The Tyranny of “They”


There are many, many bright and thoughtful people who will be happy to tell you which path to follow. It’s much easier to play armchair quarterback with someone else’s life so opinions come freely and often.

The tyranny of “they” afflicts us in two ways:

First, it supports our reservations about declaring our path through an invasive voice that asks, “What will they think?”

Second, it muddies our efforts at clarity by allowing too many theys to have a say.

They are vital for support, strength and guidance. But only a select few. For my money, this is a combination that works well:

One person who loves you unconditionally; a person who only wants the best for you and will take extraordinary measures to make sure that you get it.


One person who respects you; someone who is familiar with your work but has an arm’s-length distance in personal matters. This person believes in you and holds a broad and diverse perspective.


One person who challenges you; someone who has a track record of telling it to you straight. They don’t suffer fools and aren’t concerned about offending. You’ve probably disagreed with them before and will again.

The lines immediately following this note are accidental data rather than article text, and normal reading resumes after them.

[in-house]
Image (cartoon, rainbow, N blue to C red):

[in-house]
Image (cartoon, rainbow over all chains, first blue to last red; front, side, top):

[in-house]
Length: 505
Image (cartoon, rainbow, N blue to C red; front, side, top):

When I finally decided to leap a number of years ago, my wife said “Of course…we will make it work.” A former boss said “Let’s talk this through” and coached me to the strategies vital to successful first steps. And an associate spoke plainly about the potential pitfalls ahead.

In the end, the decision was mine. And it was made with loving, respectful and challenging support.

DAVID BERRY is the author of “A More Daring Life: Finding Voice at the Crossroads of Change” and the founder of RULE13 Learning. He speaks and writes about the complexity of leading in a changing world. Connect with him on Twitter at @berrydavid.

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